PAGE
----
They say that chivalry is dead, that the medieval ideal of the humble knight is laid low in the dust. They were saying the same in C.S. Lewis's day. And Lewis, rather than lamenting the loss of chivalry, sought to do something about it. Lewis loved chivalry, at one point even referring to it as "the one hope of the world." Lewis deeply appreciated the double demand that the chivalric ideal makes on human nature.
The knight is a man of blood and iron, a man familiar with the sight of smashed faces and the ragged stumps of lopped-off limbs; he is also a demure, almost a maidenlike, guest in hall, a gentle, modest, unobtrusive man. He is not a compromise or happy mean between ferocity and meekness; he is fierce to the nth and meek to the nth. ("The Necessity of Chivalry" in Present Concerns, 13)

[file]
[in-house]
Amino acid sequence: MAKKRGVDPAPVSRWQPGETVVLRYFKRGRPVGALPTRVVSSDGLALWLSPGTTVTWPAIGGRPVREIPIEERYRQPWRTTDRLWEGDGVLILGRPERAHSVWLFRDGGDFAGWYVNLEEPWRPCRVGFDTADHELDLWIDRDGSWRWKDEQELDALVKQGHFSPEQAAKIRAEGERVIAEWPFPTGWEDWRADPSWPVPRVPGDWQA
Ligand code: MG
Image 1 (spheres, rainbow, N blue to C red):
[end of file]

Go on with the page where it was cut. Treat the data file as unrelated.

Ferocious Wolves and Meek Lambs
This combination of ferocity and meekness, restricted to the appropriate occasions and situations, is necessary because humanity is otherwise prone to fall into two main groups: bloodthirsty wolves and cowardly lambs. History, according to Lewis, is a cyclical progression in which cruel barbarians rape, pillage, and destroy a civilization, only to settle in to become soft and decadent, unable to resist the onslaught of the next barbarian hordes. Chivalry, with its dual demand on men, sought to break this cycle by creating lion-like lambs and lamb-like lions.
[Read the rest at Desiring God.]